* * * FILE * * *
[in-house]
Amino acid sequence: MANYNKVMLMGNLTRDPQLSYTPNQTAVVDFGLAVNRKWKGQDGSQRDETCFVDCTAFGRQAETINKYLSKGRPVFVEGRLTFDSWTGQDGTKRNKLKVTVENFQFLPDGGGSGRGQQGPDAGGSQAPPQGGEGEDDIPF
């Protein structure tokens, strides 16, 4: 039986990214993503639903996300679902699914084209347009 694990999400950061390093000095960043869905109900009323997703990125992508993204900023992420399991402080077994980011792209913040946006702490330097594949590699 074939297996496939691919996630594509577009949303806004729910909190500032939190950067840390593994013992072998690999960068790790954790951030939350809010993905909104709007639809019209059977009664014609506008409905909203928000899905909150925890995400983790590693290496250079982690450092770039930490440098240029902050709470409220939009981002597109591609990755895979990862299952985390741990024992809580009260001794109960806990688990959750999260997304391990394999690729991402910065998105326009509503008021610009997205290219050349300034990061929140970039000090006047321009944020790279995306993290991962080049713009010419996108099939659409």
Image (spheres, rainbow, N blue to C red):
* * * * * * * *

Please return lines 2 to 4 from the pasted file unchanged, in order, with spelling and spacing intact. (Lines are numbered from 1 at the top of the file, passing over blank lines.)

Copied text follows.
Amino acid sequence: MANYNKVMLMGNLTRDPQLSYTPNQTAVVDFGLAVNRKWKGQDGSQRDETCFVDCTAFGRQAETINKYLSKGRPVFVEGRLTFDSWTGQDGTKRNKLKVTVENFQFLPDGGGSGRGQQGPDAGGSQAPPQGGEGEDDIPF
């Protein structure tokens, strides 16, 4: 039986990214993503639903996300679902699914084209347009 694990999400950061390093000095960043869905109900009323997703990125992508993204900023992420399991402080077994980011792209913040946006702490330097594949590699 074939297996496939691919996630594509577009949303806004729910909190500032939190950067840390593994013992072998690999960068790790954790951030939350809010993905909104709007639809019209059977009664014609506008409905909203928000899905909150925890995400983790590693290496250079982690450092770039930490440098240029902050709470409220939009981002597109591609990755895979990862299952985390741990024992809580009260001794109960806990688990959750999260997304391990394999690729991402910065998105326009509503008021610009997205290219050349300034990061929140970039000090006047321009944020790279995306993290991962080049713009010419996108099939659409």
Image (spheres, rainbow, N blue to C red):